“McClatchy to cut 10 percent of work force”
KING-5 TV in Seattle reports:
“McClatchy Co. said Monday [June 16] it will cut 10 percent of its workforce in a move to save $70 million a year as the newspaper publisher continues to struggle to attract advertising dollars.
McClatchy, which publishes The Kansas City Star and The Miami Herald, will trim about 1,400 employees. The staff reductions are part of a plan to reduce overall expenses by $95 million to $100 million over the next four quarters.
“The effects of the current national economic downturn – particularly in real estate, auto and employment advertising – make it essential that we move faster now to realign our workforce and make our operations more efficient,” said McClatchy Chief Executive Gary Pruitt, in a statement.”
[Ed. Note: This is a huge blow to Washington State news coverage with McClatchy’s ownership of The Bellingham Herald, The Olympian The Tacoma News Tribune, & Tri-City Herald in Kennewick.]
June 24, 2008
Trader Joe’s is rumored to be considering a new store either at Gig Harbor or Olympia.
They are always looking at potential expanision sites, as explained on their website.
You can CLICK HERE and request Olympia.
” Just what is this thing we call Trader Joes? Well, were a grocery store, sure, but really so much more. Our shelves are stocked full of delicious foods and beverages from the basics like milk, bread and butter to more exotic fare like imported cheeses, organic produce and hand-tossed pizza from Italy. We taste every product before we decide to sell it, and we guarantee youll like it.*
You might expect indulgences like these to come with unbecoming prices. But at Trader Joes, were as much about value as we are about great food. In other words, we keep our costs low, cut out the middleman whenever possible and pass our savings on to you in the form of terrific everyday prices. So you can afford to be adventurous without breaking the bank,” quoting Trader Joe’s.
UPDATED AUGUST 8, 2008:
This writer finally received a return phone call from Nikki, Trader Joe’s Customer Relations Manager, who said, “we have no confirmed plans to move into that area (Olympia and Gig Harbor). We have sent a location request to the real estate department (about South Puget Sound.).
June 23, 2008
Ron Mallet, Ph.D., Professor of Physics
University of Connecticut
“Film rights to TIME TRAVELER by Dr. Ronald Mallett with Bruce Henderson — the inspiring memoir by one of Americas first African American Ph.D.s in theoretical physics who has discovered the basic equations for a working time machine — have been acquired by director Spike Lees production company, Forty Acres & A Mule Filmworks,Inc. The Emmy-winning and Academy Award-nominated Lee will co-write the script and direct,”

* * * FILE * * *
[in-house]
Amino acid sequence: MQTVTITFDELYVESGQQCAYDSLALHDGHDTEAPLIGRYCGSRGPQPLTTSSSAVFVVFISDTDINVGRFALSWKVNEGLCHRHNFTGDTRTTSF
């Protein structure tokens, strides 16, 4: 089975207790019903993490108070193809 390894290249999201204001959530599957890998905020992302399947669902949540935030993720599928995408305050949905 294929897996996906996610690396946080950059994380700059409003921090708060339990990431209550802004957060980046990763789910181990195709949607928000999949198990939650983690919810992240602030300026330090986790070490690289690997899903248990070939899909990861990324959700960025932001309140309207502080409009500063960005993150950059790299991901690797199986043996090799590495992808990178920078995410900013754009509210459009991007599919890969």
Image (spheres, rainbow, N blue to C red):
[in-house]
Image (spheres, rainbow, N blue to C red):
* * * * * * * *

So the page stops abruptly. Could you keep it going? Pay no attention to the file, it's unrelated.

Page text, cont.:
Dr. Ron Mallett was interviewed in April on Yelm’s own by Beyond the Ordinary KRSE internet radio, where he updated his work on time travel. Dr. Mallett is a Professor of Physics at the University of Connecticut & author of “Time Traveler: A Scientist’s Personal Mission to Make Time Travel a Reality.” He advanced Black Hole theory in the process, shared a lot more in this interview. Listen here.
TIME TRAVELER: A Scientists Personal Mission to Make Time Travel a Reality (Basic Books) is the compelling and touching story of a man whose deep childhood trauma — at age ten the sudden death of his father — drove him on a quest to build a time machine in an attempt to go back in time to save his father,” quoting the June 16th Press Release.
Dr. Mallett has also appeared in SuperConsciousness Magazine.
June 22, 2008
Click here for Yelm Cinemas showtime information.
Yelm Cinemas at Prairie Park
Photo courtesy of Yelm Cinemas’ website
YELM CINEMAS ONLY ONE OF 2 THEATERS IN WA. STATE TO DATE TO SHOWCASE LANDMARK FILM!
From the Press Release now carried by Yahoo.com:
Bloodline The Movie, the controversial documentary that rocked this years Cannes Film Festival, will come to Yelm, Wa. for a very special limited engagement June 27 July 3, 2008 at Yelm Cinemas.
Chronicling a three-year investigation by British filmmaker Bruce Burgess and his American producing partner Rene Barnett, Bloodline follows the pair as they uncover evidence sure to re-ignite the debate that Jesus Christ and Mary Magdalene married and had children. Taking a close look into the secret society Priory of Sion, believed to have protected the truth about Jesus bloodline for centuries, the film raises questions that will have people talking long after theyve left the theatre.
Did Mary Magdalene really remove Jesus body instead of his being resurrected as believed for centuries? Did the Knight of Templar hide the body three separate times finally laying him to rest in France? Is the shrouded corpse that was discovered with treasures in a French cave really that of Jesus Christ? Bloodline answers these and more while raising some new queries altogether.
Yelm resident and the internationally renowned founder of Ramthas School of Enlightenment, JZ Knight, has worked tirelessly with Yelm Cinemas to bring to fruition the only screening of this highly anticipated film to the Puget Sound. The films producer and director will also speak at Ramthas School of Enlightenment and host a screening for RSE students the morning of Monday, June 23, 2008. I am thrilled to be able to expose Yelm to this innovative and fascinating film, said Knight. This movie is sure to have all of Washington abuzz and spark debates nationwide.
Move over Harrison Ford, this incredible adventure is the real Indiana Jones, proclaims Fox News, while WENN calls the documentary Rivetingthe years must talk-about film.
Bloodline: The Movie will be in Yelm for a short run from June 27-July 3.
June 21, 2008
Rainier-based award-winning author Bettye Johnson
Congratulations to Bettye Johnson, who won the 2008 Independent Publishers Book Award for her book,
Mary Magdalene: Her Legacy (Living Free Press).
This year’s contest attracted over 3,100 total entries;
just over 2,500 entries in the national categories and just over 600 entries in the regional competition. Bettye’s book won in the Religious Fiction category. CLICK HERE & scroll down to #16.
Bettye’s first award was in 2006 for Secrets of the Magdalene Scrolls.